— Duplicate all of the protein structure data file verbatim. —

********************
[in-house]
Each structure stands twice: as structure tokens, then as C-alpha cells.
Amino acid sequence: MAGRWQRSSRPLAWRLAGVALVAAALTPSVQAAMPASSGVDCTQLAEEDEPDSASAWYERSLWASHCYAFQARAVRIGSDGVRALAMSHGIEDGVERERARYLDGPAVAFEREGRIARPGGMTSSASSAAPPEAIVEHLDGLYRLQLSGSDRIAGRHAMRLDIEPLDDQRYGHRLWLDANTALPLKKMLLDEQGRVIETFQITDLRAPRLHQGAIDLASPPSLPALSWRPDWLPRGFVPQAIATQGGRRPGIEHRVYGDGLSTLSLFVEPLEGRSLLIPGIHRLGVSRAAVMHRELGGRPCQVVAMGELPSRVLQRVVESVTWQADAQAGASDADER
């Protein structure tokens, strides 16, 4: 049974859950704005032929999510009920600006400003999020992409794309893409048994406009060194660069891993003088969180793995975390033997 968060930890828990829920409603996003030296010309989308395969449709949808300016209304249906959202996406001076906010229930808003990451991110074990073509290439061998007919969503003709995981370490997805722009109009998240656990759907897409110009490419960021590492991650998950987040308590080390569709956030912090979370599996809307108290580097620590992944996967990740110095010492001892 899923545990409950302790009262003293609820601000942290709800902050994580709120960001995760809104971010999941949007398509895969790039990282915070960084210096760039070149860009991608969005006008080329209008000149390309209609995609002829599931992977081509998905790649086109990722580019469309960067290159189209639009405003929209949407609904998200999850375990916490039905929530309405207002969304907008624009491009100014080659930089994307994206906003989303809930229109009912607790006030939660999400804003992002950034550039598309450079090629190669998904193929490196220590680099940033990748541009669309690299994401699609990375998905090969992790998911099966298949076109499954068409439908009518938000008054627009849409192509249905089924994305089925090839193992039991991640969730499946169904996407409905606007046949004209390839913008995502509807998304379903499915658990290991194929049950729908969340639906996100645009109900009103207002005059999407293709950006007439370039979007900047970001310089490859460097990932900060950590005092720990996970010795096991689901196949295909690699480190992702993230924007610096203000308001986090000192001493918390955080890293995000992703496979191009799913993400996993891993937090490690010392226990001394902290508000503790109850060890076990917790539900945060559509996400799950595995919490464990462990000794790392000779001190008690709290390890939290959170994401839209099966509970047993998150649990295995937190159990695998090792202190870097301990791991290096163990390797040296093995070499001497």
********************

[in-house]
Each structure stands twice: as structure tokens, then as C-alpha cells.
Amino acid sequence: MAGRWQRSSRPLAWRLAGVALVAAALTPSVQAAMPASSGVDCTQLAEEDEPDSASAWYERSLWASHCYAFQARAVRIGSDGVRALAMSHGIEDGVERERARYLDGPAVAFEREGRIARPGGMTSSASSAAPPEAIVEHLDGLYRLQLSGSDRIAGRHAMRLDIEPLDDQRYGHRLWLDANTALPLKKMLLDEQGRVIETFQITDLRAPRLHQGAIDLASPPSLPALSWRPDWLPRGFVPQAIATQGGRRPGIEHRVYGDGLSTLSLFVEPLEGRSLLIPGIHRLGVSRAAVMHRELGGRPCQVVAMGELPSRVLQRVVESVTWQADAQAGASDADER
């Protein structure tokens, strides 16, 4: 049974859950704005032929999510009920600006400003999020992409794309893409048994406009060194660069891993003088969180793995975390033997 968060930890828990829920409603996003030296010309989308395969449709949808300016209304249906959202996406001076906010229930808003990451991110074990073509290439061998007919969503003709995981370490997805722009109009998240656990759907897409110009490419960021590492991650998950987040308590080390569709956030912090979370599996809307108290580097620590992944996967990740110095010492001892 899923545990409950302790009262003293609820601000942290709800902050994580709120960001995760809104971010999941949007398509895969790039990282915070960084210096760039070149860009991608969005006008080329209008000149390309209609995609002829599931992977081509998905790649086109990722580019469309960067290159189209639009405003929209949407609904998200999850375990916490039905929530309405207002969304907008624009491009100014080659930089994307994206906003989303809930229109009912607790006030939660999400804003992002950034550039598309450079090629190669998904193929490196220590680099940033990748541009669309690299994401699609990375998905090969992790998911099966298949076109499954068409439908009518938000008054627009849409192509249905089924994305089925090839193992039991991640969730499946169904996407409905606007046949004209390839913008995502509807998304379903499915658990290991194929049950729908969340639906996100645009109900009103207002005059999407293709950006007439370039979007900047970001310089490859460097990932900060950590005092720990996970010795096991689901196949295909690699480190992702993230924007610096203000308001986090000192001493918390955080890293995000992703496979191009799913993400996993891993937090490690010392226990001394902290508000503790109850060890076990917790539900945060559509996400799950595995919490464990462990000794790392000779001190008690709290390890939290959170994401839209099966509970047993998150649990295995937190159990695998090792202190870097301990791991290096163990390797040296093995070499001497």